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I am trying to bulk change some files in bash that have spaces and unwanted endings to their extension.

For example from

abc.pdf.!ut.!ut

to

abc.pdf

I will show whole progress in case I made something harder than it should actually be. So at first I started with something like

for file in `find /Users/philippeharewood/Desktop/Film\ Sheet\ Music\ Scores\ 2  *.\!ut.\!ut`;
do
 mv $file `echo $file | sed 's/\(.*\)\.\!\ut\.\!\ut/\1/'`;
done

The above did not work for spaces when sending for mv so I changed to this

find /Users/philippeharewood/Desktop/Film\ Sheet\ Music\ Scores\ 2  *.\!ut.\!ut | while read file
do 
    mv $file `echo $file | sed 's/\(.*\)\.\!\ut\.\!\ut/\1/'`;
done

This worked almost but mv started saying an arbitrary message

usage: mv [-f | -i | -n] [-v] source target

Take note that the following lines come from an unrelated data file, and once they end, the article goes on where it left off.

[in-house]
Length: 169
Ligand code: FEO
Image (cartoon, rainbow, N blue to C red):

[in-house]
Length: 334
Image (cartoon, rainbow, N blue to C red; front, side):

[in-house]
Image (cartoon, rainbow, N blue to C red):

mv [-f | -i | -n] [-v] source ... directory

I am over thinking something ?

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Execute the script with sh -xv sciptfile, it will show you the commands being executed. –  João Pinto Dec 25 '10 at 18:01
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1 Answer 1

up vote 2 down vote accepted

So if you just want to remove the ending !ut.!ut I would suggest something like this:

for file in `find ...`; do
  mv "$file" "${file%.\!ut.\!ut}"
done

In this case the shell does its job and removes the ending. This feature is called parameter expansion.

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